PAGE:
Food Preservation classes: Contact the Extension office (503 397-3462) for details. To register online go to : http://bit.ly/ColumbiaFoodPreservation .
These classes are $20 apiece. Drying Fruits, Vegetables, and Meat (8/20), The Science and Art of Canning Salsa (August 28). All will be held at the Columbia Soil and Water Conservation District Office, 35285 Millard Rd, St Helens, OR 97051
Hunt to Home: Game Processing
Saturday, September 21, 2019, 9 a.m. - 1 p.m., Columbia Soil & Water Conservation District office at Mil-lard Road in St. Helens. $40
Are you a novice or seasoned hunter looking to improve your butchering and processing skills? Class includes hands-on butchery instruction, freezer wrapping, and a pressure canning demonstration. Preregister.
Got food preservation questions? Give us a call at 503-397-3462. You can also get your pressure gauge tested for free at the Extension office. Food Preservation recipes and fact sheets can be accessed online at: https://extension.oregonstate.edu/food/preservation
August is insect month
August has lots of insects and spiders. The largest and showiest ones seem to find their way to the Extension office with regularity.
Columbia County has crickets, katydids, and cicadas. Those with the ears to hear have noticed that their “songs” are just starting. A few chirps here or there. But rest assured, by this weekend there should be a lot more. As night temperatures warm, so do these insects. Mating is on their mind and their songs are designed to attract the perfect female to the right male. Cricket sounds please our ears since they are relatively “clear” tones. The two other groups tend to make more rasping and even abrasive sounds, interesting but less comforting. Cicadas make their sounds in the day but katydids and crickets perform at night. The warmer the night, the faster the sounds pulse. Here is link to an NPR piece on discerning the various sounds: https://www.npr.org/2015/09/08/438473580/insect-sounds-telling-crickets-cicadas-and-katydids-apart
Last August through September, there was a lot of fall webworm activity along Highway 30 from Rainier to Sauvie Island. I am seeing a little activity lately but it isn’t clear where or how bad they will be. Their characteristic webbing is visible on numerous trees. In the home landscape, apples and walnuts seem to get a lot of their attention. Control is not necessary. The leaf-feeding damage they do is temporary. Once they are protected by that web, cutting them out is about the only choice and that only makes sense if you would have pruned that limb out anyway.
A spectacular insect is the banded alder borer. This insect lays its eggs in dead or dying wood, especially alders. The beetle can fly. The adult emerges as a long beetle of one and half to three or more inches with black and white bands on its back. It has very large antennae which are also banded black and white. People with alder firewood often find the adults emerging or trying to lay eggs. They are not home or structural pests and do not need spraying. This is a great insect with which to start an insect collection. Picture from Introduction to North American Beetles by Papp.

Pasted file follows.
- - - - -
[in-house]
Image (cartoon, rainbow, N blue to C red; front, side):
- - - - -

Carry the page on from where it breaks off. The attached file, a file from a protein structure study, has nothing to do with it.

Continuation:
Another interesting character is the ten-lined June beetle. It can also fly and is often attracted to outside lights. It is an oval insect, rather stout and about 1.5 inches long. It has ten (count them) white lines down their back against a brownish background. While this beetle has fearsome larva that are reputed to go for Douglas fir seedlings, I have nev-er seen any plants damaged by them nor heard of anyone spraying for them. They make a distinctive whirring noise if you approach or handle them.
Termites on the wing
Flying termites don’t indicate that your house is infested with termites. The insects are part of our wood decay cycle and are very common. They certainly have been around far longer than humans in this landscape. The reproductive stage of the two termite species fly this time of year to mate. Fertilized queens drop to earth, shed their wings and look for a suitable home. Suitable is the key. A dampwood termite requires continuously wet wood. If there is no dirt piled up against your house or leaking pipes in the walls, you don’t have to worry about the dampwood termite. They can’t live there. If you have a wet wood infestation, replace the damaged wood and correct the source of the moisture. Treatment is rarely justified.
The subterranean termite is more devious. It must have moisture. But it can conduct moisture up mud tubes from the earth into your house structure. Crawl under your house once a year to look for these tubes. If you find them, you may then need to hire an exterminator.
But don’t get too complacent. Carpenter ants are our number one wood destroying pest in Columbia County and they are very dangerous. They don’t require wet wood, though they do readily infest it. But that is a story for another column. If you suspect a carpenter ant infestation, you should have your house inspected and develop a treatment plan.
Chip Bubl: OSU Extension/Columbia County. 503 397-3462. 505 N. Columbia River Highway, St. Helens, OR 97051 firstname.lastname@example.org
Many Extension publications available online
Are you putting up salsa, saving seeds, or thinking about planting grapes? OSU has a large number of its publications available for free download. Just go to https://catalog.extension.oregonstate.edu/. Click on publications and start exploring.
The Extension Service offers its programs and materials equally to all people.
Contact information for the Extension office
Oregon State University Extension Service – Columbia County. 505 N. Columbia River Highway St. Helens, OR 97051. 503 397-3462 Email: email@example.com